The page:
BSO AGAIN FALLS PREY TO VIOLINS
Japan's Ryu Goto floors the fans with breakneck Paganini and thrilling Tchaikovsky
Incredible Japanese violin talent Ryu Goto took centre stage at the Thai Cultural Centre on July 31 as part of the Bangkok Symphony Orchestra's ongoing Great Artists of the World series.
Following in the illustrious footsteps of elder half-sister Midori - who was featured in the same series in 2004 - Goto is likewise a bona fide child prodigy who matured into an adult artist, having impressed and worked alongside many of today's leading classical-music lights.
Now 24, Goto treated the audience to a fine reading of Tchaikovsky's evergreen concerto - performing with passion, technical exuberance and humour - on his 1715 Ex-Pierre Rode/Duke of Cambridge Stradivarius.
For the most part, Goto's interpretation of the concerto followed the inherited performing tradition. Certain conventions regarding portimenti, bel canto style and rubato are forever ingrained in a work so established and universal, but Goto rose to the primary challenge of presenting this music afresh.
The outer movements displayed dazzling technique and impeccable musicality, accompanied with precision by Iwamura, immediately attentive to Goto's often-rapid fluctuations in tempo and mood. Entries and section transitions are hard to control in this concerto, but Iwamura couldn't have been clearer.
The orchestra responded accordingly. Throughout there was tight interaction with the soloist, an essential element of any successful performance.
The central Canzonetta movement featured highly intimate and delicate duet work between soloist and individual woodwind players, not least with regards to intonation. This aspect was well honed all evening, but this movement in particular revealed good orchestral balance and tuning.
Goto's encore was a jaw-dropping rendering of Paganini's Opus 38 variations, Nel cor piu non mi sento.
Often respected rather more for its groundbreaking technical bravura than musical content per se, it is nevertheless true that when a stellar Paganini specialist is on form, this fantastical, indulgent sub-genre of Romantic music makes sparks fly in the concert hall.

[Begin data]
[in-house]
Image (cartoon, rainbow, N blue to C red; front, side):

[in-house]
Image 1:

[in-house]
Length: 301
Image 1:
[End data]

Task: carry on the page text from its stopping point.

Suffice it to say that Goto hardly missed a left-hand-pizzicato, a lightning-speed artificial-harmonic run, or anything else for that matter, in this staggering tour de force. There were perhaps rather more notes in the encore, which lasted a whole 11 minutes, than the featured concerto itself.
After the intermission Maestro Iwamura returned to deliver a freshly insightful and masterfully paced account of Tchaikovsky's penultimate symphony.
Along with such other eternally iconic and endlessly played symphonies as Mozart's 40th or Beethoven's Fifth, Tchaikovsky's Fifth continues to present a particular challenge to conductors and orchestras alike the world over vis-a-vis engaging interpretation, but this performance displayed real intensity and conviction from the orchestra.
Strings, woodwind, brass and percussion had obviously been well rehearsed and they performed with relish, often shining, with notable individual contributions.
The hushed opening Andante, so vital for setting this symphony on the right track, showcased the two clarinets playing in perfect unison, totally in control in their lower register. The transition into the subsequent Allegro con anima is always a test of quiet string ensemble, and this settled quickly to pave the way for the main body of this movement, played here with a searing intensity.
Forever one of the ultimate orchestral warhorses, the second movement's sublime opening French horn solo is always a moment of eager anticipation. Meeting an ultimate test of concert-hall nerve and technical control, principal horn Krit Vikornvongvanich deserves special mention, dispatching this solo flawlessly and with a warm, well-focused timbre. Andante cantabile is marked here, but also significantly the subtle indication con alcuna licenza - "with some freedom".
After Iwamura had established the initial hushed string-section intensity, the delicate rubato employed for the famous solo was judicious. The epic passionate climbs and climaxes which characterise the movement unfolded to reach feverish emotional heights, the audience moved enough here to applaud this movement separately - not usual concert etiquette, but seeming on this occasion appropriate.
The Florentine melody which opens the Valse was coaxed wistfully by the violins. This movement relates closely to Tchaikovsky's wonderful ballets, not least the sparkling filigree 16th-note interplay between woodwind and strings. Iwamura held a tight rhythmic reign, steering the musicians cleverly through virtuosic passages notoriously vulnerable to rushing and instability. Pleasingly, here the structure was clear, taut, and controlled.
The finale followed attacca, the jubilant Andante maestoso always a sublime transformation of the first movement's brooding minor-mode clarinet theme. From the ensuing Allegro Vivace, the orchestra was worked hard by frenetically fast tempos, culminating in the final Presto gallop and denouement, bringing to a triumphant conclusion an extremely good evening indeed for the BSO.
A small but noticeable number of patrons had evidently attended only to hear Ryu Goto, or perhaps had to leave early for travel reasons, and didn't return for the symphony. They missed out on an extremely accomplished rendition of this often hackneyed orchestral Titan, but the still near capacity and warmly appreciative audience applauded enthusiastically, with many also cheering in standing ovation as the BSO was brought to its feet.
The concert was the first in the 2012 Great Artists of the World Series, and part of the celebrations for Her Majesty the Queen's birthday. It was organised by the Ministry of Culture and the Department of Cultural Promotions, in association with the Bangkok Symphony Orchestra Foundation.